General / Off-Topic Sticks & Stones

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This is a good point. When you attach what you say to your paycheck be careful you haven't made a deal with the devil.

It is very hard to be correct and popular.
In general as an entrepreneur and business owner the advice I give is to be apolitical and un-opinionated when it comes to dealing with your market. Comics break that paradigm by having a job that literally requires them to take a chance on offending people on a daily basis. As you said earlier, being able to take a joke and laugh at yourself is an important aspect of emotional strength and health.
 
In general as an entrepreneur and business owner the advice I give is to be apolitical and un-opinionated when it comes to dealing with your market. Comics break that paradigm by having a job that literally requires them to take a chance on offending people on a daily basis. As you said earlier, being able to take a joke and laugh at yourself is an important aspect of emotional strength and health.
I imagine a comic has to balance that. Or at least consider it. Some don't care, and that's fine of course. Sure, it would be nice if they could say whatever they want whenever they wanted but that's not the world we live in.

What's the old saying? "The only thing worse than a hypocrite is an unemployed one." :D
 
We are in danger of the dawn of rule by the offended class

Free speech has always had consequences. In the past, if someone said something that offended me, I was free to react as I chose to see appropriate, whether that was to ignore, challenge, refute, etc. It didn't involve group-think or gov't intervention.

Today is a different environment due to the emergence and evolution of social media and the information explosion. It exaggerates everything to the point of hysteria and there has been very little consideration of the consequences that it is having.

Most people today are so consumed with social media that they have little to no grounding in history and are therefore not well equipped to give current events proper context. Our education systems are failing terribly in this regard.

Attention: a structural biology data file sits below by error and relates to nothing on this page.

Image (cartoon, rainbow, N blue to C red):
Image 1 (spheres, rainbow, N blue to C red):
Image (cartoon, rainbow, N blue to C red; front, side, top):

Most outrage culture emerges from the 60's era civil rights and sexual revolution movements. Add to that the post-modern transformation of Communism into Identity Politics and you arrive at rule by the offended.

Let me know when you've grasped all that and we can then have a discussion about the genetic, cultural, and health concerns as they relate to origins of racism.
The biggest problem with social media is a huge increase in echo chambers and tailored news which reinforce extreme idea's without any moderate views ever being heard.
 
I imagine a comic has to balance that. Or at least consider it. Some don't care, and that's fine of course. Sure, it would be nice if they could say whatever they want whenever they wanted but that's not the world we live in.

What's the old saying? "The only thing worse than a hypocrite is an unemployed one." :D
Unless the comics deliberately offending people as part of his/her act and persona, which means they care much more about offending people as they have to include it directed in just the right way to remain popular with their fans. Jeremy Clarkson does that.
 
Reminds me of Frankie Boyle.

I bet that balance is insanely tricky.
Yep, Frankie Boyle is fantastic at what he does. The Brass Eye school of comedy.

Stewart Lee takes it to the next level as audience abuse is a major part of his act. He has routines that gently encourage the audience to laugh at other parts of the UK in an increasingly cutting way then he turns the same savage humour on them and ramps it right up almost daring them to be offended at regional jokes. They want to be angry, but they can't as they've already been laughing along with it so he can really push the boundaries whilst simultaneously showing the audience how hypocritical they are.

His Braveheart routine is one of the best bits of standup I've seen.
 
Yep, Frankie Boyle is fantastic at what he does. The Brass Eye school of comedy.

Stewart Lee takes it to the next level as audience abuse is a major part of his act. He has routines that gently encourage the audience to laugh at other parts of the UK in an increasingly cutting way then he turns the same savage humour on them and ramps it right up almost daring them to be offended at regional jokes. They want to be angry, but they can't as they've already been laughing along with it so he can really push the boundaries whilst simultaneously showing the audience how hypocritical they are.

His Braveheart routine is one of the best bits of standup I've seen.
See, that's the kind of clever stuff I like to hear about. I'll try to get 'round to Mr. Lee.